Grief is very often related to the death of a close person or a pet. Change is the only constant in life and people have to therefore face new situations. Grief and sadness are natural reactions to change and loss, caused by a death or by ending a relationship. The change can be caused by someone’s death, loss of a pet, a divorce, loss of a job, change of values, disappointments, health problems, low self-esteem, etc. Grief may become a valuable experience if it’s recognized and processed consciously. When the grief is not acknowledged and experienced with awareness, it may cause emotional instability and come on the surface repeatedly and lead to continuous suffering.
When people are facing a loss they will often go through a grief process to find meaning and accept the change which varies in time and intensity. This process is often called grief work which means passing through different stages to reestablish the regular rhythm of life. Going through grief means experiencing and coping with different emotions. The grief is dynamic and changeable in time and it’s not about “healing” or “resolution”, but rather adapting to a new situation and accepting it.
Different stages are distinguished which can change and vary in time. Those stages are shock and denial, anger, bargaining, depression, and acceptance.
Shock and denial
In the stage of denial, the people are unable to believe that the loss was real and they may be unable to feel anything.
In this stage, people can blame themselves, the one who died or others who are involved with the loss.
In this stage, people try to bargain with the higher power or someone/something that is attributed the control over the situation. The person can make promises to god through prayers or try to reach an agreement with someone else to make loss disappear.
In the stage of depression, the person starts partially accepting the situation and perceiving reality. Denial, hate, and bargaining have all failed to prevent the loss. People start feeling sad about everything that happened.
People start participating in regular activities to escape the sadness. During the testing stage, the person looks for suitable activities and it’s the beginning of acceptance. People reorganize their lives according to what has changed and they begin to look for a new balance and stability.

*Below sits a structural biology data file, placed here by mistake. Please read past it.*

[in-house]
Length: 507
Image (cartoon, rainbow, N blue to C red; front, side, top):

Grieving is a highly individual experience; there’s no right or wrong way to grieve. How you grieve depends on many factors, including your personality and coping style, your life experience, your faith, and how significant the loss was to you.
The grieving process takes time. Healing happens gradually; it can’t be forced or hurried—and there is no “normal” timetable for grieving. Some people start to feel better in weeks or months. For others, the grieving process is measured in years. Whatever your grief experience, it’s important to be patient with yourself and allow the process to naturally unfold.
Try to avoid big life changes. During the grieving process, people are more vulnerable. Therefore the decisions that are related to big shifts and affect others should be postponed till there is more emotional stability.
Sharing emotions is proven to be helpful. Talking about feelings supports the grief process. Repressing and ignoring unpleasant sensations prevents people from moving on.
Grief affects the body and the soul. Losing appetite for example is a natural process, but it shouldn’t last for too long to avoid harm to the body. Taking care of oneself through sports and pleasant activities supports the grief process. You can read books, take a walk or refresh your mind differently.
Seeking for help
If you find it difficult to deal with your emotions or perceive that the grief process has somehow stagnated then it’s recommended to talk with a mental help professional. If you would like to share your experience with someone who has gone through a loss then you may talk to a counselor who has had a similar experience in his or her life. Apart from individual counseling, there are grief therapy groups where people with a loss experience can share their problems in a supportive environment.